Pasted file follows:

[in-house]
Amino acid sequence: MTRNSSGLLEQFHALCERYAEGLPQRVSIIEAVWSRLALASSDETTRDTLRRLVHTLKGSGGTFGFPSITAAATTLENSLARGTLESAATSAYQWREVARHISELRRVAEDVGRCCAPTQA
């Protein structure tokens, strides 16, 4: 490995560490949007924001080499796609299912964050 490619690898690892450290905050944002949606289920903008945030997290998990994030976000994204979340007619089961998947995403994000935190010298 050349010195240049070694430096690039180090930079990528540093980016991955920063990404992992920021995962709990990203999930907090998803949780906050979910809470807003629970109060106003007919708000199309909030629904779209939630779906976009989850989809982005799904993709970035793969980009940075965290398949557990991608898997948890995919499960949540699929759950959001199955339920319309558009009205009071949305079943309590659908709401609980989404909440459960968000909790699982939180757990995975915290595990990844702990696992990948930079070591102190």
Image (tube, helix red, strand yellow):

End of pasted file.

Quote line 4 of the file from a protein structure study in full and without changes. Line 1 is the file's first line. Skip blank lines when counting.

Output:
Image (tube, helix red, strand yellow):